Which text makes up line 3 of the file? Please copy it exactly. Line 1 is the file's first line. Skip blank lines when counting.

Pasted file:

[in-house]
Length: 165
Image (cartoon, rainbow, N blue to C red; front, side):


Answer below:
Image (cartoon, rainbow, N blue to C red; front, side):